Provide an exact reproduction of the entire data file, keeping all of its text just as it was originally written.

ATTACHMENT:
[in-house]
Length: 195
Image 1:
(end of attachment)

[in-house]
Length: 195
Image 1: